Hello, my friends, and welcome to Nonfiction November — one of the best holidays of the year!
Each week this month, I’ll be posting on Monday to play along.
This week, our host is the darling and clever Julie of JulzReads.
And she gives us these topics:
Take a look back at your year of nonfiction and reflect on the following questions…
First, here’s my year in nonfiction thus far:
This Is the Story of a Happy Marriage by Ann Patchett
Lean In: Women, Work, and the Will to Lead by Sheryl Sandberg
Lovable Livable Home by Sherry and John Petersik
Born Survivors: Three Young Mothers and Their Extraordinary Story of Courage, Defiance, and Hope by Wendy Holden
Hidden Figures: The American Dream and the Untold Story of the Black Women Mathematicians Who Helped Win the Space Race by Margot Lee Shetterly
March: Book One by John Lewis
You Are a Badass: How to Stop Doubting Your Greatness and Start Living an Awesome Life by Jen Sincero
Teammate: My Journey in Baseball and a World Series for the Ages by David Ross
The Misadventures of Awkward Black Girl by Issa Rae
Land of Lincoln: Adventures in Abe’s America by Andrew Ferguson
You May Also Like: Taste in an Age of Endless Choice by Tom Vanderbilt
Encounter with an Angry God: Recollections of My Life with John Peabody Harrington by Carobeth Laird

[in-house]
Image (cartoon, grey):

My Life, My Love, My Legacy by Coretta Scott King
Option B: Facing Adversity, Building Resilience, and Finding Joy by Sheryl Sandberg and Adam Grant
What was your favorite nonfiction read of the year?
I seriously love the nonfiction, so this is a tough one. But when I look over the list of nonfiction books I’ve read so far this year, the one that stands out is Strangers Tend to Tell Me Things: A Memoir of Love, Loss, and Coming Home by Amy Dickinson. This book did all the things a book is meant to do: it made me laugh and cry, it made me stay up past my bedtime, and it made me happy to be alive.
What nonfiction book have you recommended the most?
We’ve got a tie here, folks. And I’m realizing that my answers reveal way too much about my inherent dorkiness. You’ve been warned.
(Full disclosure: I’m writing this post during a 40-minute bout of deep work. It’s nice in here.) This book is gradually changing the way I approach aspects of my work and my life, and it’s making both better. Did I resist change at first? Yes, I did. Am I glad I powered through? Darn right.
I’m not much of a graphic novel reader, so for me to be handselling one all over town means this book is pretty stinkin’ amazing. I loved this book’s Schoolhouse Rock style, and I loved that I kept getting verklempt about our government while reading it.
What is one topic or type of nonfiction you haven’t read enough of yet?
As I look over my nonfiction reading for the year, the books that make my heart sing tend to be memoirs and essay collections. I don’t necessarily gravitate to memoirs, so this feels a bit surprising. I’d be OK with reading more memoirs next year.
What are you hoping to get out of participating in Nonfiction November?
I’m looking forward to more discoveries this November!